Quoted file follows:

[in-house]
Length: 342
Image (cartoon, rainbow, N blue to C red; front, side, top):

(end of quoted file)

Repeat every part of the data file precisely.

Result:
[in-house]
Length: 342
Image (cartoon, rainbow, N blue to C red; front, side, top):